Grow up, stop acting like the Filipinos you’ve been berating on this article and stop kidding yourself that you’re a critic of our society because you’re not even close. A true critic sees the bigger picture and sadly you’re nothing more than hot air.  😀

      • benign0 says:

        ====== anonymous wrote below
        People became leaders (elites) because they were part of a group of people who managed to subdue others and this has been repeating itself throughout human history. This bullsh*t about elites being rich because of “hardwork” is unfounded.
        ====== anonymous wrote above

        Guess again dude. Subduing others is hard work. And not only that, it takes brains, savvy, and power to do just that — assets that one doesn’t gain by simply standing under a tree and waiting for these to drop into his maw.

        You take things too literally dude. There are many ways of subduing people. The traditional way is thru violence (which is how the earliest ancestors of many of today’s old rich and royalty did it). But there are other ways too involving all kinds of skills and talent to acquire the money and influence — both of which (along with the ability to wage war and win) are also tools for “subduing people”.

        Too bad you had to go off on a kilometric tirade when it only took just that one paragraph of yours I quoted above to illustrate the flaw in your thinking. 😀

      • Aegis-Judex says:

        The reality of society is simple, my anarchist friend. No society can ever avoid the rise of an elite group. The only way to avert that is what you advocate: outright anarchy, wherein only the fittest survive, and even then, you have an elite group composed of those fittest people. Long story short, there will always be an elite group. To deny that fact is completely unreasonable.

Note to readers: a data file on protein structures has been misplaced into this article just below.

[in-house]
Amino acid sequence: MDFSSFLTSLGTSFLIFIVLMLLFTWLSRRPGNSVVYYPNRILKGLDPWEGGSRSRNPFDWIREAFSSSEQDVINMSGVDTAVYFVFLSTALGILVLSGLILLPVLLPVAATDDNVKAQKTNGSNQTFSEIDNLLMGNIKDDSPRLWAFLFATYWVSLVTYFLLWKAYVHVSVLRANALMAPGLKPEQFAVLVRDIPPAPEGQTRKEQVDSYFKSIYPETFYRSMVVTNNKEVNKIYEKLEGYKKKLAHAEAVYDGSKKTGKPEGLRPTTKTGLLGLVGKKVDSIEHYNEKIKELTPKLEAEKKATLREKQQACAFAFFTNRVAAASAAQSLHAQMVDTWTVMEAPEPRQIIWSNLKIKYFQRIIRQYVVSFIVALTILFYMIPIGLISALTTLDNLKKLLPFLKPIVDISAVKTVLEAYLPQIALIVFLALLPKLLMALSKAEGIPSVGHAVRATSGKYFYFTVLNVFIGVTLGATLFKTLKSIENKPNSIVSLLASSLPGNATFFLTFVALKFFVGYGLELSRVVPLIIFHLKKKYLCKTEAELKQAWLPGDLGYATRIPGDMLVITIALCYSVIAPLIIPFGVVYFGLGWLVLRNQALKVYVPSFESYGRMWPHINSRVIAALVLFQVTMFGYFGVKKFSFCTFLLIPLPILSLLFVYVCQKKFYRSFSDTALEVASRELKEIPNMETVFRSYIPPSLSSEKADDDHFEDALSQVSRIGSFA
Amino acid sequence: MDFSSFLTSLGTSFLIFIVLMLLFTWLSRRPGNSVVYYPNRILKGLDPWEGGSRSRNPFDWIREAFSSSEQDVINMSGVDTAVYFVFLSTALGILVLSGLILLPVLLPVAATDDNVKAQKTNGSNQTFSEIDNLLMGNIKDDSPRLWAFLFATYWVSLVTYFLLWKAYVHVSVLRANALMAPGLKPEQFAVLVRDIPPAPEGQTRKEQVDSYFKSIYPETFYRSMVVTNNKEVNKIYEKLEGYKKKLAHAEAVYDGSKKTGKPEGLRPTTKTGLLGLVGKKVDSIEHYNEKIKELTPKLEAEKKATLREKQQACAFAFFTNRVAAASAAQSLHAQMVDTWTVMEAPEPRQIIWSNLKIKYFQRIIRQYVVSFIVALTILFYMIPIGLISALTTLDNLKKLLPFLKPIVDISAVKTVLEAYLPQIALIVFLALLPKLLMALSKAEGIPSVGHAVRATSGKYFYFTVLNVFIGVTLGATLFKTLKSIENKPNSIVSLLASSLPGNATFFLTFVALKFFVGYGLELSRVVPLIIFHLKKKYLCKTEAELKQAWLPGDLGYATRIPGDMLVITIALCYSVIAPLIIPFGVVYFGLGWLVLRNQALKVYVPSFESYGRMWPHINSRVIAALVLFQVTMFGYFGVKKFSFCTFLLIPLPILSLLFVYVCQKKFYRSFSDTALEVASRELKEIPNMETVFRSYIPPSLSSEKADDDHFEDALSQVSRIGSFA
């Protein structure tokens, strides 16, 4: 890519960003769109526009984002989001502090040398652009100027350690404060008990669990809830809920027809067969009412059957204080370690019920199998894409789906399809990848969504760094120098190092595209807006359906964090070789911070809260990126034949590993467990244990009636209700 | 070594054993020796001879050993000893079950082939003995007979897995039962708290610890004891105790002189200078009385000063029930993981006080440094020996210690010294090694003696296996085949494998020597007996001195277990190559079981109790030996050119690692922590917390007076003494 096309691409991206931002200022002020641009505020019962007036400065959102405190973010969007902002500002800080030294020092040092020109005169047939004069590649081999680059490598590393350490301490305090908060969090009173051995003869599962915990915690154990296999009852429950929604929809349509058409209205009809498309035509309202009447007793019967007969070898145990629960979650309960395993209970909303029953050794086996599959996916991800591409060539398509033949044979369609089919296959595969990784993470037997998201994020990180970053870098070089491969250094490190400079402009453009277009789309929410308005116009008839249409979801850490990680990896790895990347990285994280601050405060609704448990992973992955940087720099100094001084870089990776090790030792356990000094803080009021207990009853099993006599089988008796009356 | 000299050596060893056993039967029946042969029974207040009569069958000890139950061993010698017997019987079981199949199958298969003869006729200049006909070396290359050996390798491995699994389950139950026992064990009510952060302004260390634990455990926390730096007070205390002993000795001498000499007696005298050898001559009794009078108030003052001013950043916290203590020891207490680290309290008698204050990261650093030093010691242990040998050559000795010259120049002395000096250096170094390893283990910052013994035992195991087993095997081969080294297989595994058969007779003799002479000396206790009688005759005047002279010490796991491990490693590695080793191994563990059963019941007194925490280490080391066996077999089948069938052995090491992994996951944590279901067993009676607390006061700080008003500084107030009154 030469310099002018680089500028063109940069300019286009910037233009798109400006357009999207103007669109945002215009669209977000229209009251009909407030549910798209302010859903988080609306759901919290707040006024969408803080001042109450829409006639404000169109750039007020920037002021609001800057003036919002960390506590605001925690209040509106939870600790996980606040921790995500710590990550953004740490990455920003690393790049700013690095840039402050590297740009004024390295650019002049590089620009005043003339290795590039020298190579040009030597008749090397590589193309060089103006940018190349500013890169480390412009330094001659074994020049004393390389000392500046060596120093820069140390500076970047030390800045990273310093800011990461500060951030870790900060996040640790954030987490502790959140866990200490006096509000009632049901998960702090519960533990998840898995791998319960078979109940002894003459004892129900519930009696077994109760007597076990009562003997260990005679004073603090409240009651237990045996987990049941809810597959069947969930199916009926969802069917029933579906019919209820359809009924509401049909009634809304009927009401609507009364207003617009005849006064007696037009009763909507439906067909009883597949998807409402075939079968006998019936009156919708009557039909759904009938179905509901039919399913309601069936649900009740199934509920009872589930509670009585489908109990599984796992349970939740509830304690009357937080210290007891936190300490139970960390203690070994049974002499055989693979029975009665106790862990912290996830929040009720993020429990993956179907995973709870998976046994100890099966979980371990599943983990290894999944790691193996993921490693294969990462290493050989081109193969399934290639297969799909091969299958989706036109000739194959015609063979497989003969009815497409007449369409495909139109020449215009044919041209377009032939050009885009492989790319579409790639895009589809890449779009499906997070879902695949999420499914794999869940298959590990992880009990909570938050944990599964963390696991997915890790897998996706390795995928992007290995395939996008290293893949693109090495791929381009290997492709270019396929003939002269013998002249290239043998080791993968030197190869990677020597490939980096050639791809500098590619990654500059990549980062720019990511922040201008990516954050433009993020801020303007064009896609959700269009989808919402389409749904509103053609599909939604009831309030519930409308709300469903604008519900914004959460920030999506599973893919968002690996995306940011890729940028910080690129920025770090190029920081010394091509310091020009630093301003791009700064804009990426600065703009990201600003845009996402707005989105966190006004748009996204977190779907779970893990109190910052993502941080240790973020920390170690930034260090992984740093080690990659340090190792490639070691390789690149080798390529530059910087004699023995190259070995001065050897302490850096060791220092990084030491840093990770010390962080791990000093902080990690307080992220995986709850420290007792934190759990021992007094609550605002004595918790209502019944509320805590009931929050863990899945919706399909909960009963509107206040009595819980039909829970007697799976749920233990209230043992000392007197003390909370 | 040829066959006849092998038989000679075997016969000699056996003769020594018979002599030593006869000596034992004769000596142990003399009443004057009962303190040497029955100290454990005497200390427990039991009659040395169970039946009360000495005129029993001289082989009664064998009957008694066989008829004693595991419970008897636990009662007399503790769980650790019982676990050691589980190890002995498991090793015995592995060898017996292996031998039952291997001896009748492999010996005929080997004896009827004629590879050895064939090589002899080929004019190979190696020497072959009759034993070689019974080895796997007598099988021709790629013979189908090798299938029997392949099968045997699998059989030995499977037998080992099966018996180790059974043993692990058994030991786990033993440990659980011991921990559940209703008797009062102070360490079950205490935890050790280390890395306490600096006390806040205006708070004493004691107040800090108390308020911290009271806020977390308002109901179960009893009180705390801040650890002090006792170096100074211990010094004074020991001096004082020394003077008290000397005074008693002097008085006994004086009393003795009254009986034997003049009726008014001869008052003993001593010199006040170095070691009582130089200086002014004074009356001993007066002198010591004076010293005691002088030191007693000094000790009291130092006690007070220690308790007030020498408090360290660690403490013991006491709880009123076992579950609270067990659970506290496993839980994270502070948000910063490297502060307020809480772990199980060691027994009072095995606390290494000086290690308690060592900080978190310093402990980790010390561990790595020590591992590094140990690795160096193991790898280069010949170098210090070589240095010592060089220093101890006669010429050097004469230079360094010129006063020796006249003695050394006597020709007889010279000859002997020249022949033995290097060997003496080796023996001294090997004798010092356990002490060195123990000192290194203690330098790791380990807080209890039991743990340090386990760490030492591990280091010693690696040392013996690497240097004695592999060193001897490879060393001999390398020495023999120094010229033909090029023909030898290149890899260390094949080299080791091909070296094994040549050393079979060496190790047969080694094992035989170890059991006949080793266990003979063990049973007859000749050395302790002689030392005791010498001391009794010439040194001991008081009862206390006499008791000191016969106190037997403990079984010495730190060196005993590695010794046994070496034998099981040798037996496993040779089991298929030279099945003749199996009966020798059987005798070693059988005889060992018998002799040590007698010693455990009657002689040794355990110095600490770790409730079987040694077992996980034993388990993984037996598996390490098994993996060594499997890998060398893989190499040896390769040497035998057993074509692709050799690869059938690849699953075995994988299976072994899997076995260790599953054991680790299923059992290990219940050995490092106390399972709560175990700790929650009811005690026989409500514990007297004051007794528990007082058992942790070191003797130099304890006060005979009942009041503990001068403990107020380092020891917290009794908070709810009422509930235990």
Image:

• anonymous says:

        Damnit, I tried to bold those words and phrases on top but it just won’t work. Oh, well…

         

      • HusengBatute says:

        It’s alright. I fixed it.

        Use “< ” and “>” instead of “[” and “]” respectively.

      • anonymous says:

        @benign0

        “Too bad you had to go off on a kilometric tirade when it only took just that one paragraph of yours I quoted above to illustrate the flaw in your thinking.”

        Cute, take what I said and throw it back at me. Now I’m even beginning to wonder whether your articles are really yours or not. You never illustrated anything. In fact, you just repeated what I said and added some more, while neglecting to see what context about “hard work” I was talking about.

        If this is the way you argue then you’re no different from the Pinoys you’ve been bashing. Kitang-kita ang pagka Pinoy mo dude and it shows  😆

      • benign0 says: